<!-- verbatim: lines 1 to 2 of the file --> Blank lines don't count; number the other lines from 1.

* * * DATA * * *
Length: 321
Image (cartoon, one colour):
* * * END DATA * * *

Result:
Length: 321
Image (cartoon, one colour):